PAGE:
Yeah, that’s not how combat works. When you’re entering a fight you need
to have a plan to end it. This isn’t optional, or something that can happen
someday when your opponent gets bored. You need to have a concrete way to end
Hoping your opponent will get bored and wander off does not qualify.
Dodging all attacks 99% of the time is simply hoping your opponent will get
bored with this. In practical terms, this will
get you killed.
When I say you need a way to end the fight, I don’t mean you need to kill
your opponent. That’s not the issue at all. There are plenty of ways to end a
fight while doing limited harm to your opponent.
Creating an opening to run away is a legitimate way out. This is the focus
of actual some actual self defense training. You’ll strike your opponent in
ways designed to stun or debilitate them, and allow you to escape. For some
people, simply running away is a viable option. Dancing around your opponent’s
strikes is not.
You have a limited amount of stamina. You can engage in strenuous activity
for a limited amount of time before you need to catch your breath. Getting
exhausted in the middle of a fight is a very bad situation. It will get you
killed. To be fair, it’s not like a video game where you’d empty a meter and suddenly
stagger. As you become more fatigued you’ll slow down and your movements will
become less precise.
If you’ve ever engaged in any moderately intense cardio exercise, even just
sprinting, you’ve experienced this first hand. The shortness of breath, heart
pounding, the fatigue, the desire to simply fall over and let the world end?
Yeah, constantly dodging will do that to you, fairly quickly, and that’s before your opponent can lay a hand on
The problem is, it takes far more energy to jump out of the way of your
opponent’s fist, than it takes to throw a punch. All things being (roughly)
equal, you will wear yourself out faster, trying to avoid (or parry) incoming
strikes than your opponent who is simply trying to turn you into chunky salsa.
This creates an inevitable situation: sooner or later, you’re going to start
getting hit, and once that happens, it will snowball fast.
Playing defense exclusively is not an option. You will wear yourself out,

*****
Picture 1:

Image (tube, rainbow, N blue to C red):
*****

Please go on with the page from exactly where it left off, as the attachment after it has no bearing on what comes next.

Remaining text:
and get killed.
There is also another serious problem with an overdependence on dodging.
Feinting strikes are where you’ll direct a false attack, and then follow with
an actual strike elsewhere. If an opponent realizes you’re simply trying to
step out of the way of their attacks, it becomes very easy to fake you out,
then deliver a strike while you’re dodging, off balance, and committed to the
action by inertia. Of course, this gets progressively easier, as you wear
yourself out, and your opponent realizes this is all you’re doing.
There is a role for dodges and parries in hand to hand, these are designed
to set up counterattacks. You’ll dodge out of the way of a strike because it
allows you to move into a position where you can retaliate, usually past their
guard. Parries frequently work off similar ideas, though you’re usually punishing
the attack by creating an opening in their defense. I’m being vague here
because there are a lot of different potential uses for these, but the
important takeaway is, dodging is about finding and exploiting weaknesses your opponent,
it is not simply getting out of the way.
This is part of why we say, when it comes to self defense, you cannot fuck
around. The goal is to get with as few injuries as possible. That means keeping
the fight as short as possible, creating an opening, and getting out before you
find yourself at the mercy of someone who wants to do you serious harm. You
need a way to end the fight. If your opponent can still stand when you’re done
an ethical decision, but you need to have a way to finish it.
Self defense martial arts like Judo and Aikido have methods of ending the
fight. They’re not simply about being 99% defensive. Aikido is an excellent
example of what I said about parries and dodges. Skilled practitioners will
avoid incoming strike, then use their opponent’s momentum to throw them to the
ground. In a practical situation, this creates an opening for the martial
artist to escape while their opponent has to spend time getting back up. It may
look like the martial art is simply about staying out of your opponent’s grasp,
but the practitioner has a wide variety of ways to end the fight, without
inflicting undue harm.
Relevant to your original question: With highly defensive martial arts it’s difficult
to spar against another practitioner. Sparing involves learning to deal with
your opponent’s attacks and defenses. If your martial art has no real offensive
options, then you’ll need to have something to spar against or find yourself
ill prepared for dealing with opponents who practice more aggressive styles.
You can actually see hints of this in Aikido demonstrations, or the entirety of
Steven Seagal’s film career. It’s a martial art that just does not go on